Business Ethics

In a general sense, ethics addresses fundamental questions such as: How should I live my life? That question leads to others such as: What sort of person should I strive to be? What values are important? What standards or principles should I live by? There are various ways to define “ethics.”  The simplest may be to say that ethics deals with “right” and “wrong.”  However, it is difficult to judge what may be right or wrong in a particular situation without some frame of reference.

Ethics or moral philosophy is a branch of philosophy that involves systematizing, defending, and recommending concepts of right and wrong conduct. It seeks to resolve questions of human morality by defining concepts such as good and evil, right and wrong, virtue and vice, justice and crime.

Corporate Ethics: Corporate ethics is a form of applied ethics or professional ethics that examines the ethical and moral principles and problems that arise in a business environment. It can also be defined as the written and unwritten codes of principles and values that govern decisions and actions within that organization. It applies to all aspects of business conduct on behalf of both individuals and the entire company.

The moral status and obligations of corporations is different from the moral status and obligations of human beings. Agency responsibility is frequently found in business; it is often complex, and it raises a number of special types of problems. In a large organization, the chain of agency frequently involves many people who are hierarchically related to one another. This raises the problems of moral responsibility, both for those at the top and for those lower down the chain. The delegation of authority to carry out a command or policy does not relieve the delegation of the moral responsibility for how the command or policy is carried out. Yet, we are morally responsible both for our actions and for the probable consequences thereof.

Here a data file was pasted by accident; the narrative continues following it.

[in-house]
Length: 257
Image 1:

Moral responsibility is usually both ascribed to and assumed by individuals. The difference between corporate responsibility and human beings’ responsibility depends on the fact that corporations are limited and organized only for certain purposes, while human beings need to pay attention to his conduct as an individual as well as with regard to the corporation to which he/she belongs. The fact that a corporation does exist and has been established for certain purposes is no guarantee that it should exist or that its purposes are morally justifiable. But although we can morally evaluate the ends for which corporations are formed and the means by which those ends are pursued, corporations are not bound by a large range of moral rules that bind natural persons.

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